Literature and Personal Growth: A Look to the Future

  • Jeneen Naji
  • Ganakumaran Subramaniam
  • Goodith WhiteEmail author


In this chapter, the authors describe how the study of literature can support personal growth but also how specifically it can encourage personal growth to meet future needs and challenges. Literature allows personal growth to happen incidentally and unconsciously through the pleasurable experience of reading or producing a variety of literary texts. However, personal growth through literature can also be a very focused and conscious activity if we target particular twenty-first century skills in the texts and tasks we choose. Through person-centred and needs-based approaches, literary texts can encourage students to think critically and creatively, be collaborative, solve problems, and employ multiple intelligences. Creation of one’s own literary texts can lead to self-discovery, self-understanding, and self-expression.


  1. Afrika, T. (1994). Nothing’s Changed. South Africa: Mayibuye.Google Scholar
  2. ATC21S. (2013). What Are 21st-Century Skills? Available at
  3. Banegas, D. (2010). The Role of Literature in ELT. London: British Council.Google Scholar
  4. Bassett, J. (2008). The Future of Humanities Education, or Ahab and His Humanities. Interdisciplinary Humanities, 25(1), 7–19.Google Scholar
  5. Boland, E. (2007). Atlantis—A Lost Sonnet. Available at
  6. Carter, R. A. (1988). The Integration of Language and Literature in the English Curriculum: A Narrative on Narratives. In S. Holden (Ed.), Language and Literature (pp. 3–9). London: Macmillan.Google Scholar
  7. Clandfield, L. (2011). Teaching Material: Using Literature in the EFL/ESL Classroom. Available at
  8. Communication and Collaboration. (n.d.). Partnership for 21st Century Skills. Available at
  9. Csikszentmihalyi, M. (1999). A Systems Perspective on Creativity. In R. Sternberg (Ed.), Handbook of Creativity (pp. 313–335). Cambridge: Cambridge University Press.Google Scholar
  10. Gardner, H. (1983). Frames of Mind: The Theory of Multiple Intelligences. New York: Basic Books.Google Scholar
  11. Gorrie, E. (2007). It’s Change…. Available at
  12. Hanauer, D. I. (2012). Meaningful Literacy: Using Poetry in the Language Classroom. Language Teaching, 45(1), 105–115.CrossRefGoogle Scholar
  13. Iversen, S., Nielsen, H. S., & Alber, J. (Eds.). (2001). Why Study Literature? Aarhus N, DNK: Aarhus University Press.Google Scholar
  14. Jerald, C. D. (2009). Defining a 21st Century Education. The Center for Public Education.Google Scholar
  15. Langer, J. A. (2012). Thinking and Doing Literature. Albany, NY: National Research Center on English Learning & Achievement, University at Albany, State University of New York.Google Scholar
  16. Mack, M. (2012). How Literature Changes the Way We Think. London: Continuum.Google Scholar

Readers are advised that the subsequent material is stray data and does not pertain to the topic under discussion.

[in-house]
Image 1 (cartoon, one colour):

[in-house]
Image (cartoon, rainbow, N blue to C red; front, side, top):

17. Maley, A., & Moulding, S. (1985). Poem into Poem. Cambridge: Cambridge University Press.Google Scholar
  18. Motschnig-Pitrik, R., & Santos, A. M. (2006). The Person Centered Approach to Teaching and Learning as Exemplified in a Course in Organizational Development. Zeitschrift für Hochschulentwicklung, 1(4), 5–30. Available at file:///Users/BlyseeChai/Downloads/117-1-449-1-10-20110120.pdf.Google Scholar
  19. Parkin, F. (2016). Poetry It Nice Feel Heart” – Learner Opinions On Poetry in the ESOL Classroom. Language Issues, 27(2), 64–72.Google Scholar
  20. Robinson, K. S. (2015). Aurora. New York, NY: Orbit Publication.Google Scholar
  21. Savvidou, C. (2004). An Integrated Approach to Teaching Literature in the EFL classroom. The Internet TESL Journal, 10(12). Available at
  22. Spiro, J. (2006). Storybuilding. Oxford: Oxford University Press.Google Scholar
  23. Tate, C. (Ed.). (1985). Black Women Writers at Work. Harpenden: Oldcastle Books.Google Scholar
  24. Thakur, A., & Dave, M. (2016). Paradigms of Communication Skills in English Language and Literature. International Journal of English Language, Literature and Humanities, 4(3), 141–148. Available at
  25. Zafeiriadou, N. (2001). Literature in the EFL Classroom. TESOL Greece Newsletter. Available at
  26. Zafeiriadou, N. (2004). On Literature in the EFL Classroom. Available at

Copyright information

© The Author(s) 2019

Authors and Affiliations

  • Jeneen Naji
    • 1
  • Ganakumaran Subramaniam
    • 2
  • Goodith White
    • 3
    Email author
  1. 1.Department of Media StudiesNational University of Ireland, MaynoothMaynoothIreland
  2. 2.School of EducationUniversity of Nottingham Malaysia CampusSemenyihMalaysia
  3. 3.School of EducationUniversity of Nottingham Malaysia CampusSemenyihMalaysia

Personalised recommendations